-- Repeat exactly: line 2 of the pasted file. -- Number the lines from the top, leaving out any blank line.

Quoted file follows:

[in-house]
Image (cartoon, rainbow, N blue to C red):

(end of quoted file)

Image (cartoon, rainbow, N blue to C red):